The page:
Franklin Templeton AIR Summit 2015: Changing Technology, Finding Alpha – Part 2


By Joseph Sowin, Head of Global Equity Trading at Highland Capital
One of the key takeaways from the conference for me was awareness: what new innovations currently exist that can improve investment making decisions? How do I access innovative and potentially alpha generating ideas? AIR Summit 2.0 provided a forum, a collaborative showcase for not only buy-side but all market participants. This continued through a theme of interoperability. Once new alpha enhancing innovations are discovered, it is our job to map across investment infrastructure, and with technology moving at a faster pace, innovation/capitalism knows few boundaries. My challenge is to remain ahead of the technological curve.
Social media has virtually zero boundaries. News is coming from non-traditional sources at faster paces. The challenge becomes filtering noise to deliver actionable signals for the investment process.
Technology has allowed us to do more in less time and in more efficient manner. Examples include but are not limited to; functions such as trade entry, pre-trade compliance, trading platforms, risk management, operations, and trading which are easier due to technological enhancements.
Trade Entry: at the click of a button, portfolio managers now have the ability to send multiple orders from positions screen to trading desk.
Pre-trade compliance: checks are automatically performed prior to an order being placed on blotter. This is scalable. Many rules for various investment preferences have widened the asset managers’ range.
Multi-asset class trading platforms: integration of exchange and broker data allows seamless routing to counterparties via fix connection which leads to facilitation of settlement process.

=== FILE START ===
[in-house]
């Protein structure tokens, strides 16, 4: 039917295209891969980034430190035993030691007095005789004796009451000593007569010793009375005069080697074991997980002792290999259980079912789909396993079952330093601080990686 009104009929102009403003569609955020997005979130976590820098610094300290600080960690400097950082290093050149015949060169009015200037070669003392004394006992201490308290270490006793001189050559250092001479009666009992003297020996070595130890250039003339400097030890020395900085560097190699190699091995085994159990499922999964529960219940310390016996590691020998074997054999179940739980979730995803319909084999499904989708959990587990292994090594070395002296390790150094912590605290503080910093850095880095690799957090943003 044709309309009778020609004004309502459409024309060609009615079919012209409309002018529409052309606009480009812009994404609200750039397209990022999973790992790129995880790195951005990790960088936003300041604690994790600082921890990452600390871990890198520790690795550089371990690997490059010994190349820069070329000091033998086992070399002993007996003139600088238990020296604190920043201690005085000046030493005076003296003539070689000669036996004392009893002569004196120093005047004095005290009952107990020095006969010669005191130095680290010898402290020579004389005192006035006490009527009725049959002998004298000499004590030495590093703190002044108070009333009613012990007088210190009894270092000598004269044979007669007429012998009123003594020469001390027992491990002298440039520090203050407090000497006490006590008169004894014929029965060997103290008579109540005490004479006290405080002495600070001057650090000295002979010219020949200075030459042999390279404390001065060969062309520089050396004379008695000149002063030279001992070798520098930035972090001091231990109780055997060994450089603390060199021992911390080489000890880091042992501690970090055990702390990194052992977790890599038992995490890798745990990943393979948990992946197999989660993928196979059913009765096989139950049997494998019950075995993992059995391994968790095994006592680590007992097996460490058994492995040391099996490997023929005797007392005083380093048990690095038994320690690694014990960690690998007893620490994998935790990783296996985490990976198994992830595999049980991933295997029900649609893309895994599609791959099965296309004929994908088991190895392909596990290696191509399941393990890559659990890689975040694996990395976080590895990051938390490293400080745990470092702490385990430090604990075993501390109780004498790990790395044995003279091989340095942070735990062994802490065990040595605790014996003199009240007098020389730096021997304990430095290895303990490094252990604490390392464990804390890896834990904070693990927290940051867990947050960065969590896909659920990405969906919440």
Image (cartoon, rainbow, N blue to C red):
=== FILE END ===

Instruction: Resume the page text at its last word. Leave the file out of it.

For the trader, electronic trading initially allowed a shift to less expensive trading. Secondly, customization of low touch strategies helped drive performance. There have also been steps taken in pre-trade trading strategies analyzing a range of factors including momentum, average bid/ask spread, block size, average dark liquidity available, etc.
And changes to pre-trade and post-trade execution analysis has allowed for process improvement and shortened feedback loop from trading desk back to portfolio manager.
Further developments have been made in commission aggregation, software designed at corporate access, securities lending, risk management and operations to name a few.
I am always amazed at the resources within our grasp. The presenters at the conference are building algorithmically designed services and products with the intent of identifying, classifying, and determining significance of real-time information to deliver alpha to the investment process. These signals are designed as a compliment to existing research process not a replacement by saving time and focusing on discovering actionable insights. Overall, I was very impressed with the structure and content of the conference.
Orbital Insight was the best presentation and carried a “wow” factor due to utilisation of satellite images as a compliment to the investment process. The visualisation of idiosyncratic factors is compelling. They spun out of Oxford University in 2011, and were intellectually compelling and thought provoking, and I look forward to following them more in depth.
For us a key target is to identify areas within our firm where technology can enhance functional domains such as trading, risk management, compliance, and overall investment process. We also need to examine each vendor within each domain for interoperability and concordance with current systems capacity, and then create an implementation schedule, and evaluate effectiveness.
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